“In rhetoric within the choice movement, there is some acceptance of limitations in the third trimester, and in fact within the choice movement there has been an even greater acceptance of the limitations, when you look at how few facilities and how few pro-choice physicians will perform abortions after 20 weeks, never mind 24 weeks,” she said.

She said her argument in The Post that the abortion-rights movement needs to change the way it thinks about the state is one of the more important elements in her essay.

“The public is ambivalent about abortion,” she wrote. “It wants it to be legal, but will support almost any restriction — that indicates society takes the act of abortion seriously. For the choice movement to regain popular support and to maintain a legal right to abortion, it has to work with the state.”

She argued that the choice movement should press for the model widespread in Europe, not just for government funding of abortion, but for government support of “good alternatives such as child care, parental leave and health care.”

By phone, reflecting on the current atmosphere on Capitol Hill, she said, “In the next period of time it’s going to be really difficult to get the government to pay for anything.”

“Our government is definitely hostile to the poor, to low-income people and to women in terms of how it legislates,” she said, “and we need to call the state out on that. … I think particularly there is an obligation to work with those legislators who are closed to abortions, who have been the most adamant in not stepping up to the plate and supporting measures that would allow women, first of all, not to get pregnant in the first place, which I think is the best solution, but secondly, to be able to become pregnant and have children and take care of those children and themselves.”

Summarizing the two chief points of her essay, she said, “One is the fact that those of us who are pro-choice have got to see the abortion question as one in which multiple values are at stake. And two of those prime values are the values of women, both as moral decision-makers and as persons entitled to a good life, and the value of fetal life — and that we have concentrated as pro-choice people only on the former.”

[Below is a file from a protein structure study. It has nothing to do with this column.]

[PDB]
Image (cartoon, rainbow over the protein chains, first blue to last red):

“The second major point is that, as lousy a state as we have, we need to work to make it responsible for creating the conditions that permit genuine reproductive choice, which includes not just the ability for the decision not to continue a pregnancy, but includes the decision to continue a pregnancy,” she said.

She said she does not see legislative solutions in the near future on these issues because of the current political polarization in the country — “There is a slice of the abortion battle that is going to continue unabated in the political arena” — so her focus is not on current laws and policies, but rather on how the pro-choice movement will influence the process that gradually shapes the nation’s culture in coming generations.

[Jerry Filteau is NCR Washington correspondent.]

What to do about abortion laws? An NCR online discussion

Frances Kissling urges pro-choice movement to evolve, By Jerry Filteau Feb. 25, 2011

Abortion law 'condones an atrocity,' says theologian, By John Yockey Feb. 23, 2011

Abortion debate must consider 'freedom of the person' by Charles E. Curran Feb. 23, 2011

US Catholic bishops and abortion legislation by Charles E. Curran Nov. 29, 2010